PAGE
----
RE: XSLT vs Perl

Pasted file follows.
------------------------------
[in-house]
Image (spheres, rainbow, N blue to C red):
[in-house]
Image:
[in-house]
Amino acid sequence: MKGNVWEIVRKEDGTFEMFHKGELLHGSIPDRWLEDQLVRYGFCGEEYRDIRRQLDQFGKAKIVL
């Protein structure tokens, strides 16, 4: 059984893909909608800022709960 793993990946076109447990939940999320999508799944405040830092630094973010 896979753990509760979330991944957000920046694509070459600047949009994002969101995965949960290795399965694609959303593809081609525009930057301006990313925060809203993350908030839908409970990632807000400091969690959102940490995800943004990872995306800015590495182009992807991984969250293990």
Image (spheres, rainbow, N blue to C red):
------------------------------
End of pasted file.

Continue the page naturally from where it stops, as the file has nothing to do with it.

> But both of those specs integrate portions of XQuery and XML > Schema that are really over the top. As it stands, XSLT 2.0 > smells of second system syndrome. There are more freeping > creatures in there than I can count. And understanding what > all of those creatures do requires a > huge investment in time, paper and effort. As a random 2p. I think Xquery is simpler then xslt by any measure...yes I think that initially Xquery as it *was* being specified could have found themselves with a dead end language, ...but actually its super simple; w/o sounding too sugary I think that the existing W3C group responsible did the language justice....and we will feel its impact at some later point when we need to do some real work on data...XSLT is lightweight fun, airy and light....though I wouldn't want to apply it to anything but content related tasks currently; by comparison Xquery is an industrial strength solution to many *hard* data problems. > By comparison, XSLT 1.0 required a good grasp of XPath 1.0 > and a small number of XSLT element behaviors. Fewer > interrelations, fewer techniques to master, and easier to > apply than what I remember from the XSLT 2.0/XPath 2.0/XQuery > 1.0/XML Schema 1.0/XML Schema Datatypes 1.0 stack. More 2p. XML Schema is dead on arrival, always was dead.... it never happened......so the W3C had a bad day, so what, lets get over it and use RELAX NG and move on, or at the very least translate to XML Schema at the last moment. On the other hand XPATH, XSLT and I have no doubt XQUERY will continue to be successful. > > Therefore, if people preferred XSLT 1.0 over other languages when > > performing these tasks, despite its shortcomings, they will > certainly > > prefer XSLT 2.0 over other languages. People prefer other languages because they don't want to learn 5 languages to achieve something, XSLT is good at transforming xml into other xml...which apparantly is vastly useful....possibly the work of partial schemata in motion. > Actually, the way XSLT 2.0 is going, I'd much prefer XSLT 1.1 > or 1.5: add the grouping and date handling, remove the > nodeset/rtf distinction, and fix a couple of other warts in > XSLT 1.0. *That* would be a killer language. To me XSLT has benefited from the wild success of XPATH, we all get it....though I cant understand why XPATH hasent been extended to an xml update language....why make data when we have no facility to update it ? > The situations that demand input/output validation and XQuery > integration are totally separate domains. That greatly complicates > XSLT 2.0, and obscures the fact that part of XSLT 2.0 is > XSLT 1.0 - warts + fixes. Its rare for version 2.0 of anything to live up to its name, so why not submit your suggestions to W3C before Feb 15th ? Gl, Jim Fuller XSL-List info and archive: http://www.mulberrytech.com/xsl/xsl-list
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